Alan Freed’s radio influence
It is difficult to say with absolute certainty, but music and radio might have turned out far differently had Alan Freed not been involved.
Born December 15, 1921 in Pennsylvania, Freed came of age when radio itself was in its infancy. In 1933, his parents moved to Ohio, and after high school he decided to attend college at Ohio State University. It was there that he began to develop an interest in radio.
Now keep in mind that early radio was essentially what we now consider Old Time Radio — dramas, comedy, soap operas, westerns … everything that would eventually work its way to television. Oh, and music … generally live bands playing performances at venues throughout New York and other big cities.
Freed was an early disc jockey from a time before the term was even invented. In the 1940s, he developed a popular show on WAKR/Akron that included a mix of songs from records, including jazz, blues, country, pop, and what would become known as rhythm and blues.
In 1951 he left WAKR, but due to a non-compete clause his options were limited. He ended up on the late night shift of WJW/Cleveland. It is here where he developed his on-air style, a style that was different. Instead of being low-key and letting the music be the star, Freed was hip. Vibrant. Exciting. He wanted his audience to feel the music, to be part of the excitement.
Freed also broke some “rules” of radio, primarily by playing music performed by black artists rather than white covers of the songs. His music helped bring teens of different races together.
He also popularized the term Rock and Roll. He used it initially to describe the show, and it eventually took on the musical connotation. But he didn’t invent it … Rock and Roll started as a slang term for sex.
But that probably added to the appeal of Freed and his show … and the music. His popularity caught the attention of WINS/New York, and soon Freed was playing Rock and Roll on the radio. Eventually he found himself hosting a rock and roll television program.
Not that everything was perfect. Mixing races was not popular among all groups. And the music … well, the music was “an inciter of juvenile delinquency,” according to the New York Daily News. Parents, churches and civic leaders often called the music obscene.
His television program was even cancelled after its second airing because ABC’s Southern affiliates didn’t like Frankie Lymon — lead singer of The Teenagers — dancing with a white girl. But Freed couldn’t be stopped. He soon found himself on WABC, one of New York’s most popular radio stations.
And then … Payola.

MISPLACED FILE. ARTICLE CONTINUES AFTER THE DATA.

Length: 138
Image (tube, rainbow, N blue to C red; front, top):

Radio had gotten so big, so popular and so influential, that disc jockeys could make or break a record. Record companies started offering money and more for guaranteed plays of records. it wasn’t a big deal at first but after the quiz show scandals of the 1950s on television, the government started taking a closer look at the operations of radio.
Freed never admitted taking payola. And this column is too short to go into details about the practice. But the big targets were Freed and another popular Dj named Dick Clark. I have heard stories of Clark throwing his friends figuratively under the bus; regardless, Freed refused to sign a statement for WABC denying that he took it, and he was fired. His last show was in November, 1959.
Interestingly, Payola was not illegal at the time; that wouldn’t happen util until 1960. But like the quiz shows — which also broke no laws at the time — the negative publicity took its toll. Freed — the man who helped spawn a new generation of music and a new type of radio — could not get a job at any of the major radio stations, New York or elsewhere. One story, “The Dramatic Rise And Fall Of Alan Freed — ‘Father Of Rock And Roll’” written by Kara Goldfarb, mentioned that things were so bad, he “wound up working for a small scale radio station on the West Coast.”
That small-scale radio station on the West Coast? Our own KDAY (now KBLA, 1580 AM). Small. Daytime-only at the time. Though it did have Art Laboe and 50,000 watts, so it wasn’t all bad.
Freed was on KDAY for about a year. And we have proof … head over to Uncle Ricky’s Top-40 Radio Repository at www.reelradio.com and search for KDAY. There you can hear a very clean audio recording of Freed still playing the hits, still breaking new music, and still making his audience feel like they are and important part of the show.